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What is the scene that is brought to the reader's mind on reading the first 4 lines of...

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shreyas95 | Student, Grade 9 | eNotes Newbie

Posted August 18, 2009 at 7:59 PM via web

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What is the scene that is brought to the reader's mind on reading the first 4 lines of the poem?

Well, I have to write an essay on 'The Darkling Thrush', and one of the issues I must address is this. I'm having trouble thinking of a suitable description, so if you guys could post some of your ideas, I would really appreciate it! The thing is the description DOES NOT NEED to have anything to do with the poem, so anything goes as we are supposed to tackle this particular para without any reference to the rest of the poem.

Thanks!!

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jasminaenotes | High School Teacher | (Level 2) Adjunct Educator

Posted August 19, 2009 at 6:22 AM (Answer #1)

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I leant upon a coppice gate
     When Frost was spectre-gray,
And Winter's dregs made desolate
     The weakening eye of day.

To get an emotional feel for the tone of the poem, try reading the four lines aloud several times, and exaggerate the stressed and unstressed syllables. This way you may detect which words stand out because of the stresses.  Look at the stressed syllables below:

I LEANT u-PON a COP-pice GATE

when FROST was SPEC-ter GRAY

and WIN-ter's DREGS made DES-o-LATE

the WEA-kening EYE of DAY.

Note the vowel sounds in the last word of each line: gate, gray, desolate (with emphasis on "--late"), and day--what vowel sound do they all have in common? These vowel sounds seem to elongate, or to draw out the words, and thus slow the rhythm of the poem, enhancing its serious, sombre, and, yes, desolate tone.

If you don't know any of the words, look them up. What is a coppice gate, you ask? Well, a coppice is a small grove, or a small enclosed thicket or growth of trees. The speaker establishes a point of view as he draws us into the scene: he leans upon a gate, looking at the grove. There is a sense of separateness and loneliness of the onlooker gazing at the scenery before him, and the reader joins him in this lonesome perception.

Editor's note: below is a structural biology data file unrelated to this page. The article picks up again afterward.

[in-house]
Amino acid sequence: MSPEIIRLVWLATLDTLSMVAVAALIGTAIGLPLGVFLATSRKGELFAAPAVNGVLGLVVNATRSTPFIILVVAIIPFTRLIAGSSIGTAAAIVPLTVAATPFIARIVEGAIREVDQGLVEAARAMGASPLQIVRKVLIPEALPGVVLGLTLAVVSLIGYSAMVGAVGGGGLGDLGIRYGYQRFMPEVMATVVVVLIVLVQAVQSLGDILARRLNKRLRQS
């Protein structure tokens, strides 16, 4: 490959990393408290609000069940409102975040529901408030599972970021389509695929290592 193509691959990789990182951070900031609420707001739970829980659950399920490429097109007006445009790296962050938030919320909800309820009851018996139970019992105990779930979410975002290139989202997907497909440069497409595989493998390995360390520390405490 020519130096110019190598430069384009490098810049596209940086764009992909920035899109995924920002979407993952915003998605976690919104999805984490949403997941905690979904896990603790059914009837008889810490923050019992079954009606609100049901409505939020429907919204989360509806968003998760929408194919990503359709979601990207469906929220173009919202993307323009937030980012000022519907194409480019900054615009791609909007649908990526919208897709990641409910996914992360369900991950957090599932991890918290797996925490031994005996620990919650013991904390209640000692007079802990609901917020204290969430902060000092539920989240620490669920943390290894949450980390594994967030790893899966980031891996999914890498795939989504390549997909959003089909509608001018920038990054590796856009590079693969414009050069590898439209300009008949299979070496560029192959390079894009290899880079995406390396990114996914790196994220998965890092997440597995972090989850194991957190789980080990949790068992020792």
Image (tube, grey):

Secondly, "when Frost was specter gray"--we have figurative language here because frost is capitalized. Thus the speaker elevates frost as a natural phenomenon by personifying it, capitalizing it as a proper name. Frost is specter gray.  What feeling does a specter evoke in you? We are talking about a ghost--ghostly gray.  Frost resembles death in the way it wipes out anything living in its presence.  Anything Frost touches turns into gray ghostly nothingness just like Frost itself--its presence is ominous.

And then pay attention to syntax, or sentence structure. Who is doing what? Who is the subject of the sentence? What is he doing? To whom?  "And winter's dregs made desolate the weakening eye of day" Turn this around to a normal sentense order: Winters dregs made the weakening eye of day desolate. Better.

Look up "dregs" if you aren't sure what it is. It is the last remaining part of something, so the last parts of winter may be the ending of it, the last days of that period or season. 

"Weakening eye of day" is a metaphor, that is comparing two unlike things, or saying that the day has an eye. The sun is compared to a day's eye, and it is weakening because the daylight is coming to an end, or it is the late winter evening when the sun is going down.  Therefore, the last remains of winter are making even the last rays of sunlight seem sad, lonesome, desolate, desperate.

There is lots of information in these four lines. Take the images one at a time and see what feeling they create. It's not just a cold winter day. It is gloomy, hopeless, dead as if no life can ever spring from the vast, dark, gray desolation.

Good luck.

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